A $25 per-gun tax on firearms sold in Seattle has survived a first challenge by the National Rifle Association and allies including the Second Amendment Foundation. The tax takes effect Jan. 1, but the King County Superior Court ruling by Judge Palmer Robinson was only a first step in a likely long fight.
The tax also applies to ammunition at a rate of 2 or 5 cents per round. Seattle City Council President Tim Burgess sponsored the legislation, passed unanimously in August. It proposes to use the taxes to pay for what Burgess called gun safety research and violence prevention programs.
Groups like the NRA have managed to stifle gun legislation at the federal level — even after mass shootings such as the slaughter at Sandy Hook Elementary School in Connecticut in 2012.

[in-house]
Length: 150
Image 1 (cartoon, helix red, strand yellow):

But in approving a universal background checks initiative in 2014, Washington voters opened a new political front for those wanting to discourage or impose stricter limits on firearms. Initiative 594 extended the background check requirement to include gun shows and any other firearm transfers. I-594 also faces a legal challenge.
Both court cases bear watching as a sign of what further steps gun-control advocates might have at their disposal.